During recording I manage to get superb sound quality out of the preamps, they provide transparency and zero-noise gain, even using mics with a low output (I test a few) a clean signal is present and I can use the massive 119db of input gain if required. No need to worry about noise or weak signals either, this was something I wanted to explore and was curious about. I recorded low levels and then added gain to the digital files, the results were amazing and true to form, very little noise was present against the now louder source sounds. The Mic Pre’s really are silent and sound awesome, they are very warm too, even after another unique feature of ‘pad boosting’ where a short press on the panel’s soft pad reduces level, but a long press boosts!
A very unique feature once again and extremely handy for low line level mics and instruments that require more gain, so much more gain is available on this model and Arturia’s EIN (Equivalent Input Noise) of -129dBu* stands true in this test. The 8Pre truly does boast practically zero noise on your audio input signal, this is pretty significant next to some of their competitors EIN’s. Another test I wanted to perform was to ‘heat up’ those input gains and discover if clipping would be recorded, but the interface once again performs brilliantly and the recordings do not clip or distort at all.
The next step in Arturia’s Audiofuse series has seen a shift from their desktop range of interfaces to this now very usable pro-studio interface, boasting many more inputs as well as the highly beneficial expansion options of adding the 8Pre to another 8Pre or your own existing audio interface, thus giving you so much more via the ADAT expansion I/O’s. The quality of the range continues in terms of the preamps, dynamic range and ultra low input noise, and it certainly has some new unique features that impress, particularly the ‘Pad Boost’ option and inserts points for additional routing.
The 8Pre is a welcome addition to any static studio rack and also stands up well on the road as part of a mobile rig, making it extremely efficient and practical in terms of recording live band performance on location, or can even be used by smaller singer-songwriters wanting high quality recorded sound with options for the future. The 8Pre is without a doubt worth the outlay and this is based solely upon its feature set and those unique extras included on both the hardware and within the software supplied. After the experience and pleasure of using this device, we’re excited to see what Arturia unveils next in the AudioFuse range.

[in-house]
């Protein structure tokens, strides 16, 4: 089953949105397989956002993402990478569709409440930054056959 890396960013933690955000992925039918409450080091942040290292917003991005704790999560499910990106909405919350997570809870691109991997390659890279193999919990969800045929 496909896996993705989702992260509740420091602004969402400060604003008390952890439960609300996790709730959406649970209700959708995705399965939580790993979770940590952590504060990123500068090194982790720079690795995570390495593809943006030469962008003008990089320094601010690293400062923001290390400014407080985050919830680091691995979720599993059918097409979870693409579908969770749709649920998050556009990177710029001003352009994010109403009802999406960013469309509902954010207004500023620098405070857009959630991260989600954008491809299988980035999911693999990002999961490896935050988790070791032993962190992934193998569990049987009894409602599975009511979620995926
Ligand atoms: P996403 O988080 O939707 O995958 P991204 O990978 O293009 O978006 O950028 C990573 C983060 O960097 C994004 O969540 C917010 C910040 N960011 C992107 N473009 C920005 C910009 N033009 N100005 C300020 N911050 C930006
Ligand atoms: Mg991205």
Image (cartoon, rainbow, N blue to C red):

Do I really need this?
This all depends on your needs. You will always need an audio interface for recording high quality analog audio, so yes. However, do you need this many inputs and outputs? As a studio professional already using an 8 input interface I have at times found the need for more inputs and outputs and this is the answer, it’s very easy to expand to x16 via the ADAT cascade connectivity offered, so it’s going on my shopping list.
If you are after a portable unit where your needs are, for example, to record a band like I did when testing, I can indeed say that it is highly desirable. Whilst carrying out this review I have heard that it is not the most mobile of interfaces, but I would disagree, it certainly is with its feet and rack-able ears, easily adding it to a transportable 3-4 unit case.
- Desktop or rack setup
- X16 inputs, X20 Line output channels
- X 8 Microphone preamps
- X2 Analog Balanced inserts (Channels 1&2)
- X2 (Channels 1&2) front panel access
- X2 Headphone outputs
- X8 independent line outputs
- L&R Speaker balanced TRS outputs
- Ultra Low Latency Internal Mixer
- USB-C and ADAT connectivity
- X8 digital A-DAT I/O’s up to 96KHz
- -129dBu EIN
- 119dB of Dynamic Range
- AudioFuse Creative Suite
The Clarett includes a special ‘Air’ feature which introduces an analogue model of the transformer-based Focusrite ISA mic pre. It switches the impedance of the preamp to that of the original ISA, thus enabling a ‘transformer resonance effect’, which gives microphone sources the air and clarity of an ISA transformer-based mic pre-recording.
Another interface at a similar price point, the UR also has some high-end features similar to that of the 8Pre and the preamps sound very musical and expensive too, which is what we truly desire. However, the accompanying DSP software only works with Cubase.